Brooklyn Man Charged for Posing as U.S. Immigration Employee, Stealing $5,000 from Three People Seeking Services

Wednesday, March 22, 2017


Brooklyn Man Charged for Posing as U.S. Immigration Employee,
Stealing $5,000 from Three People Seeking Services

Promised He Could Help Get Green Cards, Citizenship and Other Services He Never Delivered

Acting Brooklyn District Attorney Eric Gonzalez today announced that a Brooklyn man has been charged with scheme to defraud, grand larceny and petit larceny for posing as an employee of U.S. Citizenship and Immigration Services (USCIS) and stealing $5,000 from three individuals for immigration-related services he promised but never delivered.

Acting District Attorney Gonzalez said, “Not only is this defendant alleged to have stolen money, he betrayed immigrants who needed help. We will not allow scammers to take advantage of the current climate of fear and confusion in the immigrant community to line their own pockets while making false promises. Now more than ever, immigrants in our city must feel safe and know that law enforcement agencies are here to protect them. I am committed to preserving that trust and to prosecuting anyone who preys upon vulnerable members of this – and any other – community in Brooklyn.”

Steven Choi, Executive Director of the New York Immigration Coalition, said, “The New York Immigration Coalition commends District Attorney Gonzalez and his office for the arrest and charges against yet another unscrupulous provider of immigration services. In these terrifying times for immigrants we have seen a sharp rise in schemes that seek to prey on their fears of deportation. The Brooklyn District Attorney’s office has been a tremendous ally to the New York Immigration Coalition and New York’s immigrant communities for many years. They are a key member of the Protecting Immigrant New Yorkers (PINY) Task Force, and we look forward to continuing this close collaboration to ensure that our city remains a safe space for all.”

The Acting District Attorney identified the defendant as Israel Torres, 57, of East New York, Brooklyn. He was arraigned today before Brooklyn Supreme Court Justice Elizabeth Foley on an indictment in which he is charged with first-degree scheme to defraud, third-degree grand larceny, fourth-degree grand larceny and two counts of petit larceny. He was ordered held on $10,000 bail and to return to court on March 29, 2017. He faces up to seven years in prison if convicted on the top count.

The Acting District Attorney said that, according to the investigation, in April 2015, the defendant allegedly met one victim whom he told that he was an employee of USCIS. The victim told the defendant that her husband was undocumented and needed help getting his green card. The defendant said that he could assist her in exchange for $3,200, which she paid him in cash. The defendant did not supply a receipt for the payment and the victim’s husband never got his legal permanent residency.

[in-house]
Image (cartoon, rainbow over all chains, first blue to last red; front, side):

Also in April 2015, according to the investigation, the defendant allegedly met another individual whom he told that he was an employee of USCIS and worked at 26 Federal Plaza. The defendant told the victim that if she ever needed assistance, he could help her. The victim told the defendant that she had her green card, but wanted help getting her U.S. citizenship. The defendant said he could expedite the process and assist her with the paperwork, for which he charged her $1,000. She paid in cash, was provided no receipt and never received her citizenship.

The Acting District Attorney said that the investigation revealed a third victim whom the defendant allegedly approached in March 2015. According to the investigation, the defendant met the victim and told her he worked for USCIS at Federal Plaza. He asked her if she would be interested in bringing a family member to the U.S, saying he could help get the relative permanent residency. The victim mentioned she would like to bring over a relative from the Dominican Republic. The defendant agreed to assist her and charged her $800, which she paid in cash. The defendant did supply a receipt in this case. When the victim’s relative didn’t receive permanent residency or citizenship, the victim repeatedly asked for her money back, which the defendant eventually returned, only, in part, in the amount of $300.

The investigation revealed that no green card application, citizenship application or related paperwork was filed with USCIS by the defendant on behalf of any of the victims or their family members, nor was the defendant employed by USCIS.

The Acting District Attorney thanks the U.S. Department of Homeland Security, Office of Fraud Detection and National Security, United States Citizenship and Immigration Service, New York City Field Office for its assistance in the investigation.

The case was investigated by Detective Investigator Jennifer Burgos of the District Attorney’s Investigations Bureau, under the supervision of Supervising Detective Investigator Robert Addonizio and under the overall supervision of Edwin Murphy, Deputy Chief.

The case is being prosecuted by Assistant District Attorney Fayola Charlet of the District Attorney’s Immigrant Fraud Unit, under the supervision of Assistant District Attorney José Interiano, Deputy Chief, and under the overall supervision of Executive Assistant District Attorney William E. Schaeffer, Chief of the District Attorney’s Investigations Division and Assistant District Attorney Patricia McNeill, Deputy Chief.

The District Attorney’s Immigrant Fraud Unit can be reached at 718-250-3333 for the reporting of immigration-related fraudulent schemes or other crimes.


An indictment is an accusatory instrument and not proof of a defendant’s guilt.